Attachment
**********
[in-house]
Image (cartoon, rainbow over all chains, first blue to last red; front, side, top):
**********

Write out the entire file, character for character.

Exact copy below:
[in-house]
Image (cartoon, rainbow over all chains, first blue to last red; front, side, top):